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The Demand for Federalism

How did the Founders decide on the unique system of federalism established in the Constitution? Professor Kurt Lash explores both the tensions and the aspirations that led to the formation of a government that is national and federal. The people of the individual states wished to maintain their independence, creating a demand for federalism. At the same time, there was a desire for some kind of national union that would protect the country as a whole. The result was a compromise. https://youtube.com/watch?v=U_SZrCHpu0M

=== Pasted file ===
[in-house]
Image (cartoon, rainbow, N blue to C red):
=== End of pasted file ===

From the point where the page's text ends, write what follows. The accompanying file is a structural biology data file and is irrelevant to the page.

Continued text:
Federalism, the division of power between the national government and the states, is not just a constitutional theory, it was a demand. It was a demand by the states at the time of the ratification of the original Constitution. And it has to do with the fact that we could create a national government, a new powerful national government. But one that wouldn't overwhelm the independent existence of the people in the states. The theory behind this and the reason for the demand actually goes all the way back to the Declaration of Independence, in which the colonies announced that they were and of right ought to be free and independent states. The worry was with the drafting, and the proposal, and the ultimate ratification of the new Constitution that this free and independent peoples who had come together, and who and worked together, and had cooperated with each other, both to win the Revolution and to coordinate their efforts under the Articles of Confederation were not just creating a better government, but possibly creating a government that would actually erase these independent peoples who had come to think of themselves as actual cultures, independent cultures. At the same time there was pressure in the other direction, an idea that there was a newly emergent American people, that we didn't have just common ideas, but we were a common people. These two ideas competed with each other, pressed against each other, and ultimately out of compromise there emerged the federal Constitution that actually maintained both ideas. According to Madison the Constitution we got was neither wholly national nor wholly federal. It had aspects of the creation of a brand new American people with a brand new national government that would oversee some of the most important responsibilities of national governments to protect this country and to protect the individual states in a very dangerous world. On the other hand it also preserved the independent exist and of the states, the people of Virginia, the people of Massachusetts, the people of New York, who had their own cultures, their own ideas, their own common religious beliefs, their own geography with it's own particular problems and particular regulatory needs. These independent local concerns would be preserved within the power of the independent peoples of the several states through the mechanism of limited delegated powers into the hands of the national government. It's powers would be few and they would be defined, whereas the reserved and retained powers of the people in the several states would be numerous and indefinite.

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